Executing all shell scripts in specified directory

Discussion in 'Programming/Scripts' started by Leszek, Sep 27, 2009.

  1. Leszek

    Leszek New Member

    Hi,

    I need to write a shell script that would:
    -check if a specified directory exists and contains any files
    -chmod and chown all files inside the directory
    -execute all shell scripts in that directory (*.sh)

    That script would be run by Cron using root account.
    So far I came up with something like this:
    Code:
    #!/bin/bash
    KATALOG=/var/scripts
    if [ -d $katalog ]; then
    chmod -R 700 /var/scripts
    for SCRIPT in $katalog
    do
    if [ -f $SCRIPT -a -x $SCRIPT ]
    then
    $SCRIPT
    fi
    done
    else
    echo "ERROR! The directory doesn't exist."
    exit 1
    fi
    
    Please help me in making it do what it's supposed to do.
    Thanks in advance!
     
  2. lchvdlch

    lchvdlch New Member

    I suggest you to use something like:

    Code:
    #!/bin/bash
    KATALOG=/var/scripts
    FILESPEC=*.sh
    DIRPERM=700
    FILEPERM=750
    OWNER=user:group
    CH_FSPEC=0
    if [ -d $KATALOG ]
    then
     find $KATALOG -type d | xargs chmod $DIRPERM
     if [ $CH_FSPEC -gt 0 ]
     then
      find $KATALOG -type f | xargs chmod $FILEPERM
     else
      find $KATALOG -type f | grep -v "$FILESPEC" | xargs chmod $FILEPERM
     fi
     chown -R $OWNER $KATALOG
     for SCRIPT in $KATALOG/$FILESPEC
     do
      if [ -x $SCRIPT ]
      then
       echo "Executing : $SCRIPT"
       . $SCRIPT
      fi
     done
    else
     echo "ERROR! The directory doesn't exist."
     exit 1
    fi
    exit 0
    
    I wouldn't like a cron script to change permissions. Giving execution permissions on the fly, seems pretty dangerous to me.
     
  3. Leszek

    Leszek New Member

    Your suggestion is good but it's working when I run Your script manually (sh /root/script.sh). When I try to make Cron do it nothing happens.
    Code:
    crontab -e
    
    Code:
    * * * * * sh /root/script.sh > /dev/null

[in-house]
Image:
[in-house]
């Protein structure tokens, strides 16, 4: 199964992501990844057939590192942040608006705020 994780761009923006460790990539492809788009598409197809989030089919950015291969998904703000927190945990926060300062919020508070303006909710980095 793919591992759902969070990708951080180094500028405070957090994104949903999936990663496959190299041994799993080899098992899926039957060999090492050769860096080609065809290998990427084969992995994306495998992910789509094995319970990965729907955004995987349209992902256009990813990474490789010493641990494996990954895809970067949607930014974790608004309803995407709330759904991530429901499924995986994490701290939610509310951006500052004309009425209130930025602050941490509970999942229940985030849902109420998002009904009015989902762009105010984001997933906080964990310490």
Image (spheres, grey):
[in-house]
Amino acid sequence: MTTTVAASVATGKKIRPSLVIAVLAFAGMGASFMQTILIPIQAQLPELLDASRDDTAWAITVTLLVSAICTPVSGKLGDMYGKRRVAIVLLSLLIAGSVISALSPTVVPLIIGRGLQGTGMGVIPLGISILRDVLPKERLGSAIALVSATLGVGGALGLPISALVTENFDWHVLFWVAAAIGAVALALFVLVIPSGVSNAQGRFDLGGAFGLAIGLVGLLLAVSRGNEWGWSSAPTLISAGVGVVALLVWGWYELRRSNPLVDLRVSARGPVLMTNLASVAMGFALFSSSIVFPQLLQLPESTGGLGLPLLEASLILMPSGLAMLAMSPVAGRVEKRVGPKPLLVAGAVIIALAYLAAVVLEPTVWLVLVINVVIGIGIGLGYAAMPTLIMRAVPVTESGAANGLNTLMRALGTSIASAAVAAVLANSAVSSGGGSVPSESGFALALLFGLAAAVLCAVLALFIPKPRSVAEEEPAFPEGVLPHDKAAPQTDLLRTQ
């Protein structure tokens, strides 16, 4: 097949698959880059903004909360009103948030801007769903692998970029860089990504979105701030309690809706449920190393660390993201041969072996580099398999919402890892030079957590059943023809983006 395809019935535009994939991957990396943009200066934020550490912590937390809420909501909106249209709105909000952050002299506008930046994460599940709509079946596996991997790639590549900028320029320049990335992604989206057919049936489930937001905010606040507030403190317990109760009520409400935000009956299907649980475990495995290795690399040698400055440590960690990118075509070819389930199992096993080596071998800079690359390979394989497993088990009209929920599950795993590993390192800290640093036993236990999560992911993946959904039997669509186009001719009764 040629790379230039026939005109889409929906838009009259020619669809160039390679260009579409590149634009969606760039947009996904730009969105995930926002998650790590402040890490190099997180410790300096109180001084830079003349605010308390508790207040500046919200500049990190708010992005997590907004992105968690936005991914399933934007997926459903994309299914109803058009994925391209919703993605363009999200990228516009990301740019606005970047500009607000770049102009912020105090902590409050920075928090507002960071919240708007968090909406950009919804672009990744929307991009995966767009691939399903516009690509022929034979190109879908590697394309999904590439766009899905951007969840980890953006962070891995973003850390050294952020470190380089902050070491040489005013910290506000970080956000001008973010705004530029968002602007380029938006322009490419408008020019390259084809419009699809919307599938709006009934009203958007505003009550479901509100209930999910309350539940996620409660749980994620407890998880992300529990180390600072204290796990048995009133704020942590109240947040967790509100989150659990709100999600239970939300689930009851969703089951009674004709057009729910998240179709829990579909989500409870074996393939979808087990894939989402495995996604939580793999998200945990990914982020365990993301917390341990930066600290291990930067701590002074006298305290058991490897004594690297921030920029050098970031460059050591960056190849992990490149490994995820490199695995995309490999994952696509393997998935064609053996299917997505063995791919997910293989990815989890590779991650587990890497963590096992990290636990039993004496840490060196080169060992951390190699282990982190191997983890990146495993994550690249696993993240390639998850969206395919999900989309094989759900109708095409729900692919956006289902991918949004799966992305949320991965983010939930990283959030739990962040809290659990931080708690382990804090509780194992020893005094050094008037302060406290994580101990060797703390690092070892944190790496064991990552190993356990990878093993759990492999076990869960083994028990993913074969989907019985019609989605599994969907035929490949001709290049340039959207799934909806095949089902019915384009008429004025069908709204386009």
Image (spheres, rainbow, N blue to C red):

I have also tried using full path:
    Code:
    * * * * * /bin/sh /root/script.sh > /dev/null
    
    Here's a script from /var/scripts which Your script should execute:

    Code:
    #!/bin/bash
    groupadd someuser
    useradd -d /home/someuser -s /bin/bash -m -g someuser someuser
    echo "someuser:somepassword" | chpasswd
    
    It's also working when I run it manually.

    All that might seem a little strange because I haven't fully described what I'd like to do. The test server runs Apache (default installation) with php. A php script generates shell scripts in /var/scripts/ with information provided in the form. You know the rest. I'm close but I'm missing something here because Cron doesn't execute them.
     
  4. Leszek

    Leszek New Member

    Ok, I think I've got it! It's an environmental problem. Cron doesn't know where to find the commands so I've used full paths and it seems to work.
    Code:
    #!/bin/bash
    /usr/sbin/groupadd someuser
    /usr/sbin/useradd -d /home/someuser -s /bin/bash -m -g someuser someuser
    echo "someuser:somepassword" | /usr/sbin/chpasswd
    
     
  5. lchvdlch

    lchvdlch New Member

    Environment under Cron

    As a general rule, in linux, you can "see" the environment of a running process by knowing it's PID:

    Code:
    strings /proc/PID/env
    On the other hand, when you issue no PATH, all programs (CRON included), run by default with a simple path:

    Code:
    PATH=/bin:/usr/bin
    So that's why you couldn't run programs under /usr/sbin.

    You can modify the PATH in your cron, so it suits your script needs.
     
  6. Leszek

    Leszek New Member

    That's right but I'll leave everything the way it is.
    To bad I can't see the output of the running scripts but will try to do something about it today after work.
     
  7. lchvdlch

    lchvdlch New Member

    If you want to see the output of the scripts, just look at the mail of the user which executes them in its cron.

    If you want a verbose detail, just add set -x to the top of your script and let it run.

    If you want to receive those notifications by mail, just add your email as an alias of the user in /etc/aliases.
     
  8. Leszek

    Leszek New Member

    Maybe I'll log everything to a file readible by Apache and view it using a link.
     
: bash, cron, shell

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